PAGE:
Continuing . . . 

Aches and pains are part of life and sports, especially as we age. You really need to KNOW YOUR BODY AND LISTEN TO IT. Know your aches and pains, which ones are no problem, which could become a problem, and which ones are already a problem. 

The best treatments for aches and pains are ice, heat, alcohol, analgesic creams, weed, massage, hot baths, hot showers, saunas, steam baths, aspirin, ibuprofen, glucosamine chondroitin, and rezzzzzzzzzzzzzzzzzt. These are treatments for which you need no medical prescriptions or supervision, just your own good sense [or lack of it]. If you overdo any of these treatments, it can create problems as well. Too much ice can give you frostbite, too much aspirin and/or ibuprofen can create stomach and kidney problems, too much weed can make you laugh at the banal stupidity surrounding all of it including us, and too much rest can make you fat and weak. 

Also, you don't want to "mask" your aches and pains because they are your yellow blinking caution light so that you don't create a truly serious injury. 

Note: Let pain be your guide. 
Let pain be your guide to a deeper experience of pleasure.
Let pleasure be your guide to a deeper experience of pain.
The sadomasochist ages and engages life with a slightly different perspective. 

Also, it is perfectly okay to use belts and wraps if that gets you through the workout with no ill effects.

A VERY BIG WARNING and word of caution here is that if you are on any medications for some reason, be very careful and sure to consult with your doctor about your training and whatever questions you may have about what you can and cannot do or what you are feeling. And if you have any artificial joints or parts, be careful, but be mobile. 


Now, I'm a big believer in squats, full squats preferably, but any type of squat is good: half, quarter, eighth, whatever you can do. And if you can't squat, then do leg presses. Besides squats being so good for your legs and back, they are extremely important for your bones and your heart and lungs. Bones get stronger and stay strong by bearing weight, and squats are the best weight-bearing exercise. However, do what feels right for you: if you can't lift barbells, then use dumbbells; if you can't do dumbbells, then use machines, if you can't use machines, then just use your bodyweight.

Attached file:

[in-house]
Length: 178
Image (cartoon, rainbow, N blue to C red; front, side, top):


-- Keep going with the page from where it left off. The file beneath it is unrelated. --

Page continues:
Note: Higher rep squats with forced breathing can be good for us daft, daffy, and often dodgy old cunts. Pardon me . . . elder farts. One of my favorite ways to use 'em say, thrice weekly, without burning out after a couple weeks is: 

Monday - Squat, 10 reps.
Wednesday - Squat, 15 reps
Friday - Squat, 20 reps. 
Same weight for all three days. 
Up the weight when Friday's 20 ain't too-too scary. 
But don't get all soft and soggy on this. 
Keep upping the weight. 

This layout enforces light/medium/heavy nicely. Monday should be something not all that tough. A nice deep breathing walk up to those 10 good reps [with plenty of big breaths right from the first one. Wednesday is challenging but only to 15, you can do this! Breathe deep and in multiples for the last 10 or so. Friday is just get them damnable 20 reps, breathing will take care of itself, just get them 20 strong but iffy reps from 16 to 20. Add a bit of weight for Monday, and the "only 10" reps will make it doable no worries. I wish I was more respected in the "community" sometimes. Had a real name, eh. Then my somewhat strangely related but valid ideas hidden under the odd delivery, those couple hundred training articles in a file I have, would be seen as useable info then! Hey, I have a few written in various poetic forms to boot! Pity the average lifter's such a boob, 'cause this stuff can be way more fun than what a double-digit I.Q. newb sees all around him. It's fun! Not the end of the world. It's just lifting. Fun. With a goal or three. And if you can't realize that, well, I sorely pity you when you're an elder lifter.